AT&T has agreed to pay $1.5 million to the District of Columbia as a result of overcharging the District for years.
The District entered into a contract with AT&T in 2012 for both wireless and broadband services, as well as equipment and accessories. The contract was designed to provide the District and government agencies with AT&T’s most affordable options.
According to the Office of the Attorney General (OAG), however, AT&T allegedly submitted “false invoices that did not comply with contract requirements to provide cost optimization and the most cost-effective telecommunications plans available. Instead, AT&T knowingly invoiced the District for features, add-ons, and other services that failed to comport with this mandate, causing millions in improper charges that were paid with taxpayer funds.”
The actual lawsuit filing goes even further in describing AT&T’s business practices, a description anyone who has spent hours on the phone with AT&T trying to get their bill corrected will no doubt relate to:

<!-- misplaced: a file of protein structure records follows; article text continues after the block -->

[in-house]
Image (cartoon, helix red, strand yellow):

Because of these years-long failures, AT&T overbilled the District in violation of the False Claims Act and common law. AT&T concealed its overbilling, and the District’s subsequent overpayments, with billing practices rife with errors, unapplied credits, billing overages and reports that did not meet the rate optimization standards of the contract.
Attorney General Karl A. Racine indicated his approval of the settlement in a statement:
“My office filed suit against AT&T to ensure that it fulfilled its contractual obligation to provide the District government with the least expensive cell phone and data services available. We are pleased that after filing suit, AT&T immediately sought to resolve the case in a manner that results in making the District and its taxpayers whole.”